Agonistic CD40 antibody modulates tumor-induced hepatic CD11b+Gr-1+ cells
Next, we studied CD11b+Gr-1+ cells after agonistic anti-CD40 treatment. We found that the absolute cell number of hepatic CD11b+Gr-1+ cells increased in EL4 tumor-bearing mice 24 hours after agonistic anti-CD40 injection (tumor-free 4.4 × 106 ± 1.4 × 106 vs. tumor-bearing 1.1 × 107 ± 1.9 × 106, P = 0.052; Fig. 3A). This increase was significantly higher in the CD11b+Gr-1low monocytic cell subset (M-MDSC) than in the CD11b+Gr-1high granulocytic subset (G-MDSC; Supplementary Fig. S3A and S3B). Apart from CD11b+Gr-1+ cell changes, a moderate decrease of CD3−CD19+ B cells and an increase of CD11c+ dendritic cells were observed upon agonistic CD40 antibody injection (Supplementary Fig. S3C–S3G). Interestingly, agonistic anti-CD40 treatment significantly increased the absolute number of CD40- and CD80-expressing CD11b+Gr-1+ cells (Supplementary Fig. S4 and Fig. 3B and C). Similar results were observed in 4T1 BALB/c tumor-bearing mice (Supplementary Fig. S3I and S3J). To address whether the effects of agonistic anti-CD40 were restricted to hepatic myeloid cells or whether this was a systemic effect, we also studied splenic CD11b+Gr-1+ cells in our system. An increase in the absolute numbers of CD11b+Gr-1+ cells and more CD40- and CD80-expressing CD11b+Gr-1+ cells was also seen in spleens of tumor-bearing mice treated with agonistic anti-CD40 (Fig. 3D–F). We further analyzed MDSC subsets and found that both hepatic G-MDSC and M-MDSC accumulated over time after anti-CD40 agonist injection (Supplementary Fig. S5A and S5B). However, hepatic G-MDSC produced more ROS than M-MDSC in response to CD40 ligation in vivo (Supplementary Fig. S5C).
Finally, we studied the effects of agonistic anti-CD40 on hepatic CD11b+ cells in vitro. Here, a significant decrease in their arginase activity was seen upon anti-CD40 treatment (Fig. 3G). Moreover, anti-CD40 treatment improved their ability to induce antigen-specific IFNγ release by CD8+ T cells (Fig. 3H). Finally, significant levels of TNFα were detected in cell supernatants after incubation of tumor-induced hepatic myeloid cells with CD40 antibody (Fig. 3I). In summary, CD40 ligation on tumor-induced hepatic myeloid cells results in enhanced maturation and activation in vivo and in vitro.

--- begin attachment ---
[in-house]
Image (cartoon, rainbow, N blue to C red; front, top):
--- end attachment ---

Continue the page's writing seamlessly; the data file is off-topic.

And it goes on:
Tumor-induced hepatic CD11b cells mediate liver inflammation upon systemic agonistic CD40 antibody
To provide a direct link between the presence of hepatic myeloid cells and anti–CD40-mediated liver inflammation, we transferred WT tumor-induced hepatic CD45.1+CD11b+ cells, where 80% were CD11b+Gr-1+ MDSC (Supplementary Fig. S6A and S6B), into CD45.2+Cd40−/−-naïve recipients followed by systemic injection of the agonistic anti-CD40. Although agonistic CD40 antibody did not cause inflammation to regular Cd40−/− naïve mice, transfer of tumor-induced hepatic CD45.1+ myeloid cells and subsequent agonistic anti-CD40 injection to the CD40 knockouts resulted in ALT and AST serum elevation (Fig. 4A and B). In addition, an increase in TNFα serum levels was observed (Fig. 4C). Consequently, CD40 ligation on tumor-induced hepatic myeloid cells resulted in enhanced inflammation. To address the role of myeloid-derived ROS in this setting, we transferred either WT or Nox2−/− tumor-induced hepatic CD11b+ cells into Cd40−/− recipients and then challenged them with agonistic anti-CD40. Transfer of WT tumor-induced hepatic myeloid cells and subsequent agonistic anti-CD40 injection to the Cd40 knockouts resulted in higher ALT serum levels compared with Nox2−/− tumor-induced hepatic CD11b+ cell transfer (Fig. 4C).